Indian Army has received the first batch of 7,500 ballistic helmets to protect its infantry soldiers for the first time in 25 years.
The first batch has arrived at the ordnance depots, whereas a second batch of 30,000 helmets is expected by 2017 end. Further, more than one hundred thousand are to be handed over to the army by mid-2019, Deccan Herald reported Friday.
The army had placed a Rs 170-crore (US$26.3 million) order for 1,58,279 helmets to Kanpur-based firm MKU in order to replace the standard issue Model 1974 infantry combat helmets. Of the new helmets, more than 50,000 would be in commander configuration with in-built communication, set up to make them compatible with three types of radio sets being used by the soldiers, army officials said.
Within weeks of receiving these helmets, the army ordnance depots issued nearly 2,500 of them to the troops leaving for a UN peacekeeping mission duty.
A more extensive testing with 6,000 randomly picked helmets is being planned at the Terminal Ballistic Research Laboratory once these protective head gears are received.
Apart from ballistic protection from the rounds, the helmets come with nearly 40% lower Behind Armour Blast Trauma, which was a compelling factor for the upgrade.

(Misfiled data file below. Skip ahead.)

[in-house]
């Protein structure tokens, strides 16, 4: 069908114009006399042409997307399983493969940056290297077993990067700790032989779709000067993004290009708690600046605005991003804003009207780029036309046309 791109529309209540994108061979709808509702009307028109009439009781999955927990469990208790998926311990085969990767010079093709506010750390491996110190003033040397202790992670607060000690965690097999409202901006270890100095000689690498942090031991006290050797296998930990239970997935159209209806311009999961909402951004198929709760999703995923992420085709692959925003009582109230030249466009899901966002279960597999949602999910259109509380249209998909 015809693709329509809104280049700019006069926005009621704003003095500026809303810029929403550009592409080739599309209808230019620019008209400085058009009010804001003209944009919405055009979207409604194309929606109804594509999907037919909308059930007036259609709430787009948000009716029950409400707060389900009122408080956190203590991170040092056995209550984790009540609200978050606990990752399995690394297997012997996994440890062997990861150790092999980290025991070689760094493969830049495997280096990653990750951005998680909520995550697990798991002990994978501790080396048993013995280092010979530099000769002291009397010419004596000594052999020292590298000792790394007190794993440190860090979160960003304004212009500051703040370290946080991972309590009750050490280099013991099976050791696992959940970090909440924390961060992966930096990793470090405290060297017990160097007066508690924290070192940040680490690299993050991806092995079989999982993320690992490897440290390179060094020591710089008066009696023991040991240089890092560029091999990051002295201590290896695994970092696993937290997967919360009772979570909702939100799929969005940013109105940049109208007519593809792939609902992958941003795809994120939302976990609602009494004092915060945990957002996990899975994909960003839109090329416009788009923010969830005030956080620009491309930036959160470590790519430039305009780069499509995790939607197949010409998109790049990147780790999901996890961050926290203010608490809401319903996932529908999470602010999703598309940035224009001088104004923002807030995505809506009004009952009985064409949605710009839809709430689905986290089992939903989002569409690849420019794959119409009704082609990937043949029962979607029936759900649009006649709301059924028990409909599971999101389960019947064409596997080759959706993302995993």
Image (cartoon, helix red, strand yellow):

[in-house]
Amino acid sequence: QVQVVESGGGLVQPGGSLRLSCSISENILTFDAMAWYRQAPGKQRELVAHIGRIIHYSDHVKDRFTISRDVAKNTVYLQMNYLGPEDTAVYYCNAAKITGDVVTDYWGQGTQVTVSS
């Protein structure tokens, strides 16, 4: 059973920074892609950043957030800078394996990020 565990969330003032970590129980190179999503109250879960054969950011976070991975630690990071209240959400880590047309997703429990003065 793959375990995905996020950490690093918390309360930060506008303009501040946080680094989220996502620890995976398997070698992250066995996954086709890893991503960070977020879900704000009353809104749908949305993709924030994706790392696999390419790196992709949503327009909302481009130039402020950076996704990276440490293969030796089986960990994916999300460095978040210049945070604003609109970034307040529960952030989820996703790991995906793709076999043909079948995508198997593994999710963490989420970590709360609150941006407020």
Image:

The army opted for these helmets based on their strength and coverage, fit with memory foam padding that rules out the need for constant adjustments (dangerous in an active combat scenario) and the ability to take on accessories.
“These would be given to the soldiers on counter-terrorism duties as well as to those deployed along the Line of Control or near the Line of Actual Control,” said an officer.
In the 11th plan period (2007-2011), the government approved the purchase of 3,28,214 ballistic helmets for the Indian armed forces. This includes 13,981 helmets for the navy. However, the first order was placed for around 1.58 lakh helmets.
The soldiers on counter-insurgency and border guarding duties do lack proper quality protective gears like bullet-proof jackets and helmets, which attracted criticism from Parliament several times.
After failing to purchase 186 Thousand bullet-proof jackets through the normal route in the past seven years, the army is now purchasing 50,000 jackets through an emergency route.